Wednesday, August 21, 2019

Rust After Five Years

By Bixyl Shuftan

It's been over five years since my friend Nydia and I found the survival MMO "Rust." And over the years, the game has evolved and changed much as we've had our share of adventures and misadventures. Long gone are the game's first days when all the structures were on a circular road and you had to watch out for zombies and mutant animals. While much has changed, the objective remains much the same, starting with nothing but a rock and a torch in a place where so much wants to kill you from the animals to the weather to other players, you build tools, weapons, clothes to survive and a base to protect your stuff and yourself when not playing, and as the game goes on you improve what you have. In PvP areas, you also have to defend yourself from raiders. Timid players tend to miss out on opportunities. Aggressive but sensible players tend to do well. And reckless players tend to have a hard time keeping the loot they gathered before making it to a place of safety.

When we last looked at the game in Dec 2016, they had just introduced it's "component system" and introduced junkpiles which you find along the roads and at places such as the metal towers. It was about a year later in January 2018 that the development team announced they were leaving "early access," which basically stated they had determined the general course of the game and while they would continue to make updates there would be no more greatly radical changes such as the short-lived XP system. Still, a lot has changed.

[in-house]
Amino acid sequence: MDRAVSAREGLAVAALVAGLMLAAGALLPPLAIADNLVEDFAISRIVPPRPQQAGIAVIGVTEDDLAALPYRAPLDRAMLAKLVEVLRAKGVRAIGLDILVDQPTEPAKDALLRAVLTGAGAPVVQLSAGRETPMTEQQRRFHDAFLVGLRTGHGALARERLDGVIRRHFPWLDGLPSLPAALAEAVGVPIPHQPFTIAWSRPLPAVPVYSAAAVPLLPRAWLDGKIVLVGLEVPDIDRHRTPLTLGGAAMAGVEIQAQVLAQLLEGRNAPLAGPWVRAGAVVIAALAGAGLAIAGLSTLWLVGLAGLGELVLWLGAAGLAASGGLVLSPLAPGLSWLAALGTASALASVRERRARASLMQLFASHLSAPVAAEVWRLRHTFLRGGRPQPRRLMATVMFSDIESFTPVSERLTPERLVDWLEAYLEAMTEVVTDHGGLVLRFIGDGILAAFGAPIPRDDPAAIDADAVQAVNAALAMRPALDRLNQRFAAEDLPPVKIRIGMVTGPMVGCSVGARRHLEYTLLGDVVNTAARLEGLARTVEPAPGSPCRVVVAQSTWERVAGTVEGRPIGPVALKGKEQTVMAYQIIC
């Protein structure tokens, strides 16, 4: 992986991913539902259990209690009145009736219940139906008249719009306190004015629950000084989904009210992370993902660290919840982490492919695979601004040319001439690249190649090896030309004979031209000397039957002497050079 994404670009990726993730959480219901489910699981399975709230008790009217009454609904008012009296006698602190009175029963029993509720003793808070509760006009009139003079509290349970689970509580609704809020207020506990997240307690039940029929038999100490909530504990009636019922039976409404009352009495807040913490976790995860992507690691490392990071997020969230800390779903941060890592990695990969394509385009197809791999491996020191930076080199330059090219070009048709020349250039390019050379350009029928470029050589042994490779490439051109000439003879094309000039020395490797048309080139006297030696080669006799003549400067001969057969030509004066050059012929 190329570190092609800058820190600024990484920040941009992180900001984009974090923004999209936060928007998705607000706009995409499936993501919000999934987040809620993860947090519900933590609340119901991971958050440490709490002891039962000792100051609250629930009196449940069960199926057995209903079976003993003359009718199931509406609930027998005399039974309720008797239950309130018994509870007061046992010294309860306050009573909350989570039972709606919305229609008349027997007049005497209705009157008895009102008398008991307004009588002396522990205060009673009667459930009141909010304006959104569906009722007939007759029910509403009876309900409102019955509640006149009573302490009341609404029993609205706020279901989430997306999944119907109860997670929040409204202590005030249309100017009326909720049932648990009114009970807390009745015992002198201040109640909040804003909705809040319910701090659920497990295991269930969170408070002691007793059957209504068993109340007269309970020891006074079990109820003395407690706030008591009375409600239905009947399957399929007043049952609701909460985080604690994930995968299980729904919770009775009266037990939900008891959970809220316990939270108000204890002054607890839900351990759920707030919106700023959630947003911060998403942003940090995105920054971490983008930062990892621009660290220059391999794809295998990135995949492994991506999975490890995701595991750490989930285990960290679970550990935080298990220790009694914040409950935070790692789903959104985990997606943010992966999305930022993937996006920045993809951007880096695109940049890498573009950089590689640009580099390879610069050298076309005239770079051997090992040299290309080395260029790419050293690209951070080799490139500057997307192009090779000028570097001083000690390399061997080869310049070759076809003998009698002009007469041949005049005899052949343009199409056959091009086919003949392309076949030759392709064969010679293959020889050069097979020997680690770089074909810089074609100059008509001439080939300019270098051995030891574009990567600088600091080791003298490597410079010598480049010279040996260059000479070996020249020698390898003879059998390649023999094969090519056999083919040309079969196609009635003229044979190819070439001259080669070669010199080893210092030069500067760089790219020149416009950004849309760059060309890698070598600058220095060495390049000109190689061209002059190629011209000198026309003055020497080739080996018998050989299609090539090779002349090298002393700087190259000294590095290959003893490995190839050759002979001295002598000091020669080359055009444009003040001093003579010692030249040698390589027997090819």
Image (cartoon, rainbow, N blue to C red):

Starting up is much like before. Upon appearing on the map, always on the beach as if having washed up on shore, the first thing to go is gauge your surroundings, and if there's nothing threatening nearby, look around nearby for some materials such as hemp to make some basic clothes, stone rocks for stone, and trees for wood. You'll need to make a stone hatchet, stone pickaxe, wood or stone spear, bow and arrow, floorplan, and hammer. Check the map with the "G" button to see where nearby roads, mountains, rivers, and permanent buildings are. As before, you'll need to make a base. But different locations have different advantages and disadvantages, especially in PvP servers. Ideally, you'll want a place not far away from places where you can get scrap, components, food and water, and mineable rocks. But in a PvP server, you'll generally want a somewhat out of the way location that won't be found too quickly, generally. Some players like the challenge of frustrating raiders (more on that later). And unless the server is modded, all builds are taken down at least once a month in what's become known as the "wipe."